An examination of the bill discloses that its primary purpose is to obtain an adjudication of certain claims presented against the estate of the bankrupt, now in the course of administration in the bankruptcy court, and of the priority to be accorded to them in the distribution of a fund belonging to the estate and now in the control of that court. That this fund arose in the due administration of the estate, is lawfully in the custody of the bankruptcy court, and is awaiting distribution among such of the creditors as are entitled to participate therein, is a necessary conclusion from the allegations of the bill, and is conceded. The complainant does not assert a title to it, but at most only an equitable right to have it applied to just claims for labor and materials, for which the complainant is liable as the bankrupt's surety under the Act of August 13, 1894, supra. The real controversy is over the merits of some of those claims, the right of the present holders to assert them for their full amount, and the priority to be accorded them in the distribution. By an intervening petition in the bankruptcy proceeding, the complainant voluntarily submitted its asserted equitable right to the court of bankruptcy for determination, and the matter is now pending before the referee. But by
the present plenary bill in equity it is sought to take from the bankruptcy court the adjudication of the claims in question and the decision of what priority shall be accorded to them. The circuit court of appeals holds that this cannot be done consistently with the Bankruptcy Act, and the correctness of its holding is the principal question presented by this appeal.
We are not here concerned with a suit by a trustee to recover property in the possession of another who claims it adversely, nor with a suit against a trustee to recover property in his possession, claimed by another, and therefore the jurisdictional questions incident to suits of that character need not be considered. But we are concerned with a suit against a trustee, the purpose of which is to control the distribution of a fund in his possession, admittedly belonging to the bankrupt's estate, and to determine to what extent and in what order the several creditors shall participate therein.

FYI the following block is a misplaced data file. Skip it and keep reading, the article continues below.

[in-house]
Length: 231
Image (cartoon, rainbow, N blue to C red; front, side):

Section 2 of the Bankruptcy Act invests courts of bankruptcy
"with such jurisdiction at law and in equity as will enable them to exercise original jurisdiction in bankruptcy proceedings, . . . to"
"* * * *"
"(2) Allow claims, disallow claims, reconsider allowed or disallowed claims, and allow or disallow them against bankrupt estates;"
"* * * *"
"(6) Bring in and substitute additional persons or parties in proceedings in bankruptcy when necessary for the complete determination of a matter in controversy;"
"(7) Cause the estates of bankrupts to be collected, reduced to money and distributed,and determine controversies in relation thereto, except as herein otherwise provided;"
"* * * *"
"(13) Enforce obedience by bankrupts, officers, and
other persons to all lawful orders, by fine or imprisonment or fine and imprisonment;"
"* * * *"
"(15) Make such orders, issue such process, and enter such judgments in addition to those specifically provided for as may be necessary for the enforcement of the provisions of this act."
And the section concludes by saying: